Usually I would design a few page spreads, maybe a whole chapter, a few pages from the start and end of the book, all marked up with notes and measurements along with a typespec which gives full specification details to the typesetter. With this one, we bypassed the typesetters and I set out the whole book in InDesign. It was a lot of work, but it meant I could be more freely creative with the layouts, adding coloured pages here and there, doodles wherever I fancied, dropping in the illustrations where it felt best to fill the space.

So all in all it was a lot of fun, and I’m looking forward now to working on the boys version. Watch this space!


All the Sonnets of Shakespeare

It’s about time I started updating this blog with new projects I’ve been working on, and as I’ve been lucky to have some lovely creative jobs in the last 12 months, I now have some designs and illustrations that I’m proud to share.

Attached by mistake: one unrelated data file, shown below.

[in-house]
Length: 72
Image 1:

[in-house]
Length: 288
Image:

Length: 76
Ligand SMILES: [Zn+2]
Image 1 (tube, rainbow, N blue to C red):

I’m starting with ‘All the Sonnets of Shakespeare’ by Paul Edmondson and Stanley Wells, which was commissioned to me at the end of 2019.

This really was a dream job for me. The brief stated it was to be a ‘gift edition’ book, basically meaning that no expense would be spared on lovely coloured endpapers, ribbon and gold foil embossing on the cover in order to make it a special book worthy of buying for the beauty of the book itself, which is always a plus for a designer to start with, and a rare thing in academic publishing these days.

If that wasn’t exciting enough, the brief went on to request an illustrated botanical theme (a subject close to my heart) and they referenced a book cover done by one of my current favourite illustrators. If I could have written a brief to myself for my dream job, this would probably be it. No pressure.